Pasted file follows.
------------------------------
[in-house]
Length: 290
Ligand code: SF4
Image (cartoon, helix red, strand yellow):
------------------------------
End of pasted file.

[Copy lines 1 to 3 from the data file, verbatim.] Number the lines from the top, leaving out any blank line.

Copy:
[in-house]
Length: 290
Ligand code: SF4